Alexander Hamilton on War and Free Government
The republics of Greece and Rome proved incapable of waging war effectively and remaining free at the same time. The record of modern republics is not much more encouraging. How, then, did the United States manage to emerge victorious from the world wars of this century, including the Cold War, and still retain its fundamental liberties?
For Karl-Friedrich Walling, this unprecedented accomplishment was the work of many hands and many generations, but of Alexander Hamilton especially. No Founder thought more about the theory and practice of modern war and free government. None supplied advice of more enduring relevance to statesmen faced with the responsibility of providing for the common defense while securing the blessings of liberty to their posterity.
“In this remarkable book, Walling contradicts the conventional wisdom. He contends that the unprecendented ability of the United States to wage war while still preserving liberty is primarily the legacy of Alexander Hamilton. . . . . This is a book that Hamilton deserves. It is unthinkable that the United States could have triumphed in this century without having become Hamilton’s republican empire.”
“A very detailed and subtle explication of Hamilton’s thinking that takes careful account of concrete historical events and circumstances.Gordon S. Wood in the ”
—New York Review of BooksSee all reviews...
“Walling’s greatest contribution is to show how Hamilton was not the militarist he is often accused of being. . . . An important contribution to the literature of the American founding. . . . Gary McDowell in the ”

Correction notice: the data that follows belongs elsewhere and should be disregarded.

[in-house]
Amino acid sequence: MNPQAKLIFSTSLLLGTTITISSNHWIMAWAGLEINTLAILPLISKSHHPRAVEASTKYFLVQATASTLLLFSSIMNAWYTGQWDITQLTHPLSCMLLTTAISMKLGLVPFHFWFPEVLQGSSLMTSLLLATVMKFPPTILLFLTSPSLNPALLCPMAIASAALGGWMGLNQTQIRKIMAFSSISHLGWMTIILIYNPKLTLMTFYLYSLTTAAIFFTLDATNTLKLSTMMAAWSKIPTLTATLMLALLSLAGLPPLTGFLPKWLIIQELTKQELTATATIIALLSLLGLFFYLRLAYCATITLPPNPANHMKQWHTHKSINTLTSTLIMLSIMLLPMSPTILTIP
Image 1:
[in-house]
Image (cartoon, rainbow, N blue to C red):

—Times Literary Supplement
“Absolutely brilliant. Walling convincingly challenges the conventional understanding of Hamilton as a Machiavellian statesman with little or no concern for public virtue in citizens and statesmen. His development of the vigilance vs. responsibility theme is perceptive, subtle, and balanced, and his handling of the classics is far more learned and accurate than anybody else's except Paul Rahe’s. A superb work and a major contribution to scholarship.”
—Forrest McDonald, author of Alexander Hamilton: A Biography and Novus Ordo Seclorum: The Intellectual Origins of the ConstitutionSee fewer reviews...
Hamilton's strategic sobriety led many of his contemporaries to view him as an American Caesar, but this revisionist account calls the conventional "militarist" interpretation of Hamilton into question. Hamilton sought to unite the strength necessary for war with the restraint required by the rule of law, popular consent, and individual rights. In the process, he helped found something new, the world's most durable republican empire.
Walling constructs a conversation about war and freedom between Hamilton and the Loyalists, the Anti-Federalists, the Jeffersonians, and other Federalists. Instead of pitting Hamilton's virtues against his opponents' vices (or vice versa), Walling pits Hamilton's virtue of responsibility against the revolutionary virtue of vigilance, a quarrel he believes is inherent to American party government. By reexamining that quarrel in light of the necessities of war and the requirements of liberty, Walling has written the most balanced and moving account of Hamilton so far.